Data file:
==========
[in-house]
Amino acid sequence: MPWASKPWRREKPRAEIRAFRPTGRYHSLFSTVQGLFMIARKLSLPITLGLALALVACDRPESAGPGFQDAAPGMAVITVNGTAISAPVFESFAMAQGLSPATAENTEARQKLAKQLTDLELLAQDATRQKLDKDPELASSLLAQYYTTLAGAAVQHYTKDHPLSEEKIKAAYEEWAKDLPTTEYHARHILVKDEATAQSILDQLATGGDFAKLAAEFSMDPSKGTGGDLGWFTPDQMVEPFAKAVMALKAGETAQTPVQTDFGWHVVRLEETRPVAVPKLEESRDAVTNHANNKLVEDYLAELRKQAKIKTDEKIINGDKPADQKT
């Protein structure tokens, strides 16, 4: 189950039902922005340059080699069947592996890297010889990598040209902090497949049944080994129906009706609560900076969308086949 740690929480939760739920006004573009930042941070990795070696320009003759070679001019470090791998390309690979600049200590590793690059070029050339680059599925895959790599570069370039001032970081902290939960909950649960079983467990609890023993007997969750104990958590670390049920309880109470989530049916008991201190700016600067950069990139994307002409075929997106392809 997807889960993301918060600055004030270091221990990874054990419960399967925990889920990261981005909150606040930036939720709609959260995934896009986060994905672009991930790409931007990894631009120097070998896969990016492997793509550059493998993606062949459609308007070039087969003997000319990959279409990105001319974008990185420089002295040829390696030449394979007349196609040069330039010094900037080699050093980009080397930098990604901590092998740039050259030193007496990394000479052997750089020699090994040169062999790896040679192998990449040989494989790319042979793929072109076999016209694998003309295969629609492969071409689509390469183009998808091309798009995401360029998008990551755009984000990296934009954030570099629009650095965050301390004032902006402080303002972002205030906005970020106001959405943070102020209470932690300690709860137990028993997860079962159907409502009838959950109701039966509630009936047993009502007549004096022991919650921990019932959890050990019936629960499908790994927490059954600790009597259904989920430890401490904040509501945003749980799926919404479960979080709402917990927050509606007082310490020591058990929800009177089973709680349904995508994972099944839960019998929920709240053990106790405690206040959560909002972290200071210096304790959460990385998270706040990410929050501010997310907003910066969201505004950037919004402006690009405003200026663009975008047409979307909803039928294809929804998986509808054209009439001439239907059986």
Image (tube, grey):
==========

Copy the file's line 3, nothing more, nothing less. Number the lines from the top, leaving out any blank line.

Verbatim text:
């Protein structure tokens, strides 16, 4: 189950039902922005340059080699069947592996890297010889990598040209902090497949049944080994129906009706609560900076969308086949 740690929480939760739920006004573009930042941070990795070696320009003759070679001019470090791998390309690979600049200590590793690059070029050339680059599925895959790599570069370039001032970081902290939960909950649960079983467990609890023993007997969750104990958590670390049920309880109470989530049916008991201190700016600067950069990139994307002409075929997106392809 997807889960993301918060600055004030270091221990990874054990419960399967925990889920990261981005909150606040930036939720709609959260995934896009986060994905672009991930790409931007990894631009120097070998896969990016492997793509550059493998993606062949459609308007070039087969003997000319990959279409990105001319974008990185420089002295040829390696030449394979007349196609040069330039010094900037080699050093980009080397930098990604901590092998740039050259030193007496990394000479052997750089020699090994040169062999790896040679192998990449040989494989790319042979793929072109076999016209694998003309295969629609492969071409689509390469183009998808091309798009995401360029998008990551755009984000990296934009954030570099629009650095965050301390004032902006402080303002972002205030906005970020106001959405943070102020209470932690300690709860137990028993997860079962159907409502009838959950109701039966509630009936047993009502007549004096022991919650921990019932959890050990019936629960499908790994927490059954600790009597259904989920430890401490904040509501945003749980799926919404479960979080709402917990927050509606007082310490020591058990929800009177089973709680349904995508994972099944839960019998929920709240053990106790405690206040959560909002972290200071210096304790959460990385998270706040990410929050501010997310907003910066969201505004950037919004402006690009405003200026663009975008047409979307909803039928294809929804998986509808054209009439001439239907059986």